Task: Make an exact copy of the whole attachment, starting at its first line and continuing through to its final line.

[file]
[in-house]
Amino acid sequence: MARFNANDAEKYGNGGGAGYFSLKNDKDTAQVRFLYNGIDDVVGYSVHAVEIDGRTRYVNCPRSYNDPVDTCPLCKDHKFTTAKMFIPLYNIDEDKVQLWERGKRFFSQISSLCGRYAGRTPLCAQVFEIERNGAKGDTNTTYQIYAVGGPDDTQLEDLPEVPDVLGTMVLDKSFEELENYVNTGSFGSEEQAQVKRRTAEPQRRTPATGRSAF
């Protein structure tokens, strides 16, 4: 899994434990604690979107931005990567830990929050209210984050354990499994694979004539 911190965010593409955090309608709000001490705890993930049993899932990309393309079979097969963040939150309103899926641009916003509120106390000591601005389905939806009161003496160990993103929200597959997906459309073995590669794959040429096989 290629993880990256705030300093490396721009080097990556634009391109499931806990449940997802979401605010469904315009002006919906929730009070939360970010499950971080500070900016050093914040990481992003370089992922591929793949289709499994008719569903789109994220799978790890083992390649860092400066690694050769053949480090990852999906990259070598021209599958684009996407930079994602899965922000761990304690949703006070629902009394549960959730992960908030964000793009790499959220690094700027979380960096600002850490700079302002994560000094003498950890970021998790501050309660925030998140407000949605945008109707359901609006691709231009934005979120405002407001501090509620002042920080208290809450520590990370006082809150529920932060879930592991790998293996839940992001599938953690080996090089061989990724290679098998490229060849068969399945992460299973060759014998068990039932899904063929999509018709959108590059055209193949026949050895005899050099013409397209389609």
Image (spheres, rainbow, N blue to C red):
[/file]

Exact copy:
[in-house]
Amino acid sequence: MARFNANDAEKYGNGGGAGYFSLKNDKDTAQVRFLYNGIDDVVGYSVHAVEIDGRTRYVNCPRSYNDPVDTCPLCKDHKFTTAKMFIPLYNIDEDKVQLWERGKRFFSQISSLCGRYAGRTPLCAQVFEIERNGAKGDTNTTYQIYAVGGPDDTQLEDLPEVPDVLGTMVLDKSFEELENYVNTGSFGSEEQAQVKRRTAEPQRRTPATGRSAF
């Protein structure tokens, strides 16, 4: 899994434990604690979107931005990567830990929050209210984050354990499994694979004539 911190965010593409955090309608709000001490705890993930049993899932990309393309079979097969963040939150309103899926641009916003509120106390000591601005389905939806009161003496160990993103929200597959997906459309073995590669794959040429096989 290629993880990256705030300093490396721009080097990556634009391109499931806990449940997802979401605010469904315009002006919906929730009070939360970010499950971080500070900016050093914040990481992003370089992922591929793949289709499994008719569903789109994220799978790890083992390649860092400066690694050769053949480090990852999906990259070598021209599958684009996407930079994602899965922000761990304690949703006070629902009394549960959730992960908030964000793009790499959220690094700027979380960096600002850490700079302002994560000094003498950890970021998790501050309660925030998140407000949605945008109707359901609006691709231009934005979120405002407001501090509620002042920080208290809450520590990370006082809150529920932060879930592991790998293996839940992001599938953690080996090089061989990724290679098998490229060849068969399945992460299973060759014998068990039932899904063929999509018709959108590059055209193949026949050895005899050099013409397209389609």
Image (spheres, rainbow, N blue to C red):